So to revert the whole commit I just needed one git reset --hard HEAD^ and it reverted the whole merge. Since the merges weren't fast forwarded the merge was a block and one step back is "branch not merged".


Okay, the answers other people here gave me were close, but it didn't work. Here's what I did.

Doing this...

git reset --hard HEAD^
git status

...gave me the following status.

# On branch master
# Your branch and 'origin/master' have diverged,
# and have 3 and 3 different commit(s) each, respectively.

I then had to type in the same git reset command several more times. Each time I did that, the message changed by one as you can see below.

> git reset --hard HEAD^
HEAD is now at [...truncated...]
> git status
# On branch master
# Your branch and 'origin/master' have diverged,
# and have 3 and 3 different commit(s) each, respectively.
> git reset --hard HEAD^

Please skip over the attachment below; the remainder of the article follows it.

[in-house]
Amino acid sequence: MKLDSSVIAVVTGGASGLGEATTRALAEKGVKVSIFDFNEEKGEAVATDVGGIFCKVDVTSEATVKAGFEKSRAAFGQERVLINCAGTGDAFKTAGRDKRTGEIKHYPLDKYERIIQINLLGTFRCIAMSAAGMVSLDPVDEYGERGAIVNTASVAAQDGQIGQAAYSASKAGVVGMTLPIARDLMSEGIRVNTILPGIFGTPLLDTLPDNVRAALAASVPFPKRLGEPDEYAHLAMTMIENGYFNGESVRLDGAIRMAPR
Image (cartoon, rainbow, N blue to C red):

HEAD is now at [...truncated...]
> git status
# On branch master
# Your branch and 'origin/master' have diverged,
# and have 2 and 3 different commit(s) each, respectively.
> git reset --hard HEAD^
HEAD is now at [...truncated...]
> git status
# On branch master
# Your branch and 'origin/master' have diverged,
# and have 1 and 3 different commit(s) each, respectively.
> git reset --hard HEAD^
HEAD is now at [...truncated...]
> git status
# On branch master
# Your branch is behind 'origin/master' by 3 commits, and can be fast-forwarded.

At this point, I saw the status message changed, so I tried doing a git pull, and that seemed to work:

> git pull
Updating 2df6af4..12bbd2f
Fast forward
 app/views/truncated |    9 ++++++---
 app/views/truncated |   13 +++++++++++++
 app/views/truncated |    2 +-
 3 files changed, 20 insertions(+), 4 deletions(-)
> git status
# On branch master

So long story short, my commands came down to this:

git reset --hard HEAD^
git reset --hard HEAD^
git reset --hard HEAD^
git reset --hard HEAD^
git pull


The simplest of the simplest chance, much simpler than anything said here:

Remove your local branch (local, not remote) and pull it again. This way you'll undo the changes on your master branch and anyone will be affected by the change you don't want to push. Start it over.